Henry Grabar is a freelance writer and a former fellow at CityLab. He lives in New York.
What time is it, New York?
The clock embedded in the sidewalk at the corner of Broadway and Maiden Lane is an undisputed treasure of old New York.
But for a while, after its designer Frank Homm passed away in 1917, the owners of William Barthman Jewelers covered the clock with cardboard. Without Homm's mechanical expertise, the store's management had trouble setting the time, and feared that a unwound clock might send the wrong message about their brand.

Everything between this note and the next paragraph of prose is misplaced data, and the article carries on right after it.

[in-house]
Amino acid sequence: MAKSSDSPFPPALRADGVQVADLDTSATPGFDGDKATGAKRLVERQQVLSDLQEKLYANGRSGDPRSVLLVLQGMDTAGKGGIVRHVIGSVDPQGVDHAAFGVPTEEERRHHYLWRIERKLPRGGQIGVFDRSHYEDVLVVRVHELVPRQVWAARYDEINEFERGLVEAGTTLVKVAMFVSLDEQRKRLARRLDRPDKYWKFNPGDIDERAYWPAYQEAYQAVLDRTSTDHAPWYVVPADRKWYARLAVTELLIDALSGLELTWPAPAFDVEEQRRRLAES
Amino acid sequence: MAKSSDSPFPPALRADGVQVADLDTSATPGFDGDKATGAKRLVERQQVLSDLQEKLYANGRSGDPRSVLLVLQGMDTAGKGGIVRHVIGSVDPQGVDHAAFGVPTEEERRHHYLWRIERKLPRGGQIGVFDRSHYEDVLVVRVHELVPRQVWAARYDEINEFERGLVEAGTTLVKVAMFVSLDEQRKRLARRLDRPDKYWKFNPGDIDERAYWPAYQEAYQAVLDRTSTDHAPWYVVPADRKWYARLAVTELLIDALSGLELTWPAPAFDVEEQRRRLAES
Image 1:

Nowadays, the clock, which has inspired imitators across the world, is again visible, and intermittently telling time.
The watch blog Hodinkee has chronicled its history in a long article (complete with clippings, photos and other historic imagery) and accompanying short video, in which you can learn more about Homm's creation.
William Barthman general manager Richard Granatoor goes so far as to call it one of the "few real landmarks of Lower Manhattan." We don't dispute the clock's claim to fame, but we might rather say that it's in good company down there.